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 Protein Stucture and Function

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PostSubject: Protein Stucture and Function   Wed Sep 22, 2010 12:25 pm

Proteins are extemely important molecules in living organisms which have a wide range of important functions. Your forum task is too investigate the structure and function of one protein.

1) Re-read the textbook section on proteins for back ground information

2) Watch the video below for further examples of possible structures

3) Research on the internet and find one example of a protein which is important in living organisms. You must attach a picture and also write a summary of at least 150 words about the structure and function of the protein.


IMPORTANT: You must not choose any protein from the textbook. You must not choose any protein already selected by a classmate and included in the forum.


DUE DATE: You must post your forum by the start of your second class during Week 29 (11/10/10)


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stephy7



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PostSubject: stephanie macauliffe   Wed Oct 13, 2010 7:42 pm

Insulin is a protein, which is produced in the pancreas, it is also a peptide hormone composed of 51 amino acids. It has several functions such as, it is central for regulating fat and steroids metabolism in the body, and also stops the use of fat as an energy source. When insulin is absent, glucose is not taken up by body cells and the body begins to use fat as an energy source. As its level is a central metabolic control mechanism, it is also used as a control signal to other body systems. In addition, it has several other anabolic effects throughout the body.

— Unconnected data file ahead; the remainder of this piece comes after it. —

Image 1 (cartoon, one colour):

Insulin causes cells in the liver, muscle, and fat tissue to take up glucose from the blood, storing it as glycogen in the liver and muscle.



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vale_fernandez10



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PostSubject: Keratin   Wed Oct 13, 2010 9:55 pm

Keratin is a protein that is part of the fibrous strucutal proteins. It is mainly found in the skin, hair and nails and is a important strucuture of them. Keratin can be soft or hard depending on the levels of amino acids. It contain cysteine disulfide which can create disulfide brideges.This bridges create a very strong HELIX shape, made from bonds of sulfur atoms. Keratin is made from keratinocytes, which are living cells. This protein keeps the skin waterproof and haves the ability to withstand mechanical stress. It also useful because it strengthens hair, coats and repairs damaged hair, maintains healthy skin, skin pigmentation and protection, toughens nails and bony structuret.
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maria jesus moreno



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PostSubject: maria jesus moreno   Thu Oct 14, 2010 9:06 pm

Buffer proteins help maintain balance in the human body. Blood
proteins have a charge which helps maintain the pH of plasma, in this
way it is a very important protein because the blood transports lots
of vital substances all over the body so without the right pH we could
not function properly. From reading this essay you can see the
importance of proteins in the world around us and how we would be lost
without them, for example we would not have any hair, nails or
skin.
miss no puedo adjuntar la foto..se la voy a mandar por mail.
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maria jesus moreno



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PostSubject: VICTORIA CARRASCO   Mon Oct 18, 2010 9:19 pm

Actin is a globular, protein found in all eukaryotic cells.. It is also one of the most highly-conserved proteins, differing by no more than 20% in species as diverse as algae and humans. Actin is the monomeric subunit of two types of filaments in cells: microfilaments, one of the three major components of the cytoskeleton, and thin filaments, part of the contractile apparatus in muscle cells.
Thus, actin participates in many important cellular processes including muscle contraction, cell motility, cell division and cytokinesis, vesicle and organelle movement, cell signaling, and the establishment and maintenance of cell junctions and cell shape